Wine with an EtOH >24% is ignitable! I read stories of death b/c employees were welding metal nearby wine and it ignited. There has been ammonia gas poisoning b/c employees didn’t check their valves, meters & equipment. Burning of treated wood grape stake will release toxic fume to air, ashes to water and soil.

    There should be a topic that address on environmental, green, employee safety, hazardous waste management of wineries.

  4. 4 Steve May 27th, 2010 at 9:00 pm

    Hello
    I am interested in an topic about the hazardous waste (HW) (California Code of Regulations Title 22) that can be generated from the wineries. I would like to understand the various hazardous waste streams that can be generated from each process:

    * fertilizers/ soil enrichment/ anti-molding agents
    * pesticides/ weed killers
    * grape stake woods
    * waste water, sewage treatment, water treatment
    * maintenance on motor equipment
    * laboratory research waste
    * reagents added to wine

    For example, employees who work in a laboratory should know how to manage HW according California to Health & Safety Code 25200.3.1(C)(5).
    Some of the laboratory testing can have toxic, corrosive, flammable, ignitable reagents

    * Clinitest contains copper sulfates. It generates HW b/c of the heavy metal copper which is corrosive, toxic and poisonous.
    * Flow Injection Analysis testing uses a reagent that contains Paraosanilan which is a potential carcinogen that requires Prop 65 warning label.

    How can laboratories properly manage HW? They should segregate waste into different containment trays based on hazard class and not let liquids evaporate since it is illegal to dispose HW to the atmosphere, even if it is in the protection of a fume hood. Are they dumping their acids and bases down the sink or does it go to a waste water holding tank that will be hauled off by a registered HW hauler?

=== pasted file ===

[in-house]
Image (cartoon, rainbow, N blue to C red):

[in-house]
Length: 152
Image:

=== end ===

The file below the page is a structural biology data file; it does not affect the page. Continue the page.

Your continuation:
How are wine growers disposing their pesticide bags, containers and grape stake woods? Many of these contain many harmful chemicals that can leach into our ground water.

    Many wineries perform maintenance on their auto machinery but they let oil, diesel drip onto soil that will leach into the ground water. There are many used oil recycling centers that will freely take used antifreeze, oil, filters at no charge.

    Many wineries wash their equipment with harmful substance but where do their cleaning solvents go? Are they permitted by their Publicly Owned Treatment Works (POTW) to discharge water into their septic system?

    Have the wineries filled out a Haz. Material Business Plan (Health & Safety Code Chap 6.95 Art 1 25500-25520 and Code of Federal Regulations Title 40 355 App A)and CalARP (CFR 40 Section 68, CCR Title 19 Chap 4.5 2735.1-2785.1) with their county?

    Wine with an EtOH >24% is ignitable! I read stories of death b/c employees were welding metal nearby wine and it ignited. There has been ammonia gas poisoning b/c employees didn’t check their valves, meters & equipment. Burning of treated wood grape stake will release toxic fume to air, ashes to water and soil.

    There should be a topic that address on environmental, green, employee safety, hazardous waste management of wineries.

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GrapeRadio is a wine talk show. Show topics cover issues such as the enjoyment of wine, wine news and industry trends - the hallmark of the show is interviews with world class guest (winemakers, vineyards owners, wine retail / wholesale leaders, restaurateurs and sommeliers). The scope of the show is international so expect to hear many guests from around the world.